The news reports about the far right’s anti-democratic attack on the Capitol have been terrifying for many. (Alexandria Ocasio-Cortez has implied that she may have narrowly escaped assassination, Ayanna Pressley’s panic button was suspiciously disabled, and we keep learning still more horrifying details about dangers faced by elected officials and Capitol staff that day.) But for workers forced into close contact with the would-be insurrectionists, these last two weeks have been even scarier than for those merely watching the news. Those workers are fighting back.
Flight attendants’ union president Sara Nelson called for banning riot participants from flying home after the Capitol siege last week, a measure she crisply described as “keeping all problems on the ground.” Not only did the rioters present a potential terrorism threat, they exhibited behavior none of us would want in our workplaces; on the way to Washington, DC, they refused masks and insulted the crew with racist epithets. Alas, the rioters mostly were allowed to board the planes, but on the return flight, some were removed for refusing to wear masks; unsurprisingly, they weren’t stoic about such setbacks and the videos enjoyed understandable popularity (because who doesn’t want to see revolting neo-confederates cry when they realize rules don’t only apply to black people). After workers complained of such disruptions, Federal Aviation Administration president Steve Dickson announced Wednesday of this week that the agency would take legal action against anyone assaulting, threatening or intimidating airline workers. American, United, Delta, and Alaska airlines will ban guns on their flights to DC next week, while Alaska is limiting ticket sales on flights to the area.
Alaska Airlines banned fourteen disruptive passengers from future travel (after a flight from Washington, DC, to Seattle) last Friday. Delta Airlines issued some bans as well. These bans by airlines aren’t related to the federal “no-fly” list, which is maintained by the FBI, although Senator Chuck Schumer has called for those involved in storming the Capitol to be added to that list. The FBI has acknowledged that it is considering this. The Transportation Communication Union, which represents a significant share of Amtrak employees, called on Amtrak to ban people placed on the federal no-fly list from its trains that week, though, of course, this would be purely gestural unless the January 6 rioters are added to that list. The “no-fly” list has been criticized by civil libertarians, and whether it should even exist is controversial, but there’s absolutely no reason any participants in last week’s violence should be allowed to return for a rematch next week.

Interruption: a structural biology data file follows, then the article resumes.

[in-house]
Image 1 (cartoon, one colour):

Washington, DC’s Amalgamated Transit Union (ATU) demanded this week that its employers make safety plans for the inauguration, warning that a repeat of January 6’s violence would put bus and subway workers in serious danger. The ATU also reminded its members that they have the right to turn down unsafe work, refusing to go to areas where political violence has erupted or deviating from their routes, if necessary, to protect themselves and the public.
UNITE HERE’s Local 25, which represents 7,200 hotel workers in the metro DC area, called for hotels to close ahead of the Inauguration unless they are hosting security personnel. They also demanded that workers be allowed to leave work if they feel unsafe, either from threats of violence or from guests’ refusing to wear masks (an intractable issue in DC hotels last week). Hotels, by closing down, would, of course, also help keep potential would-be insurrectionists out of the city, a significant positive contribution to the day’s events.
Some on the Left don’t like to see Donald Trump banned from social media platforms. But many tech workers have demanded these measures. More than 300 Twitter employees signed an internal petition calling for the president to be permanently banned from the platform after the raid on the Capitol. Employees also made the case strenuously in internal company Slack discussions. After the letter was made public by the Washington Post, the Verge, and other publications, Twitter did ban the president. Amazon workers also called on their employer to ban Parler, a right-wing social media app on which many of the rioters planned the violence of January 6, from its cloud services, and Amazon did so last Saturday. The Alphabet Workers Union also called on YouTube to ban Trump last week, and YouTube has now suspended the president for at least a week. Member Alex Hanna told the Verge, “As workers, we’re in a unique position to speak out against this behavior and push Alphabet towards being responsible for the social effects of its technology when it goes against its profit incentives.”
Workers and their unions will be critical to the far right’s long-term defeat. They deserve credit for leading that fight this month.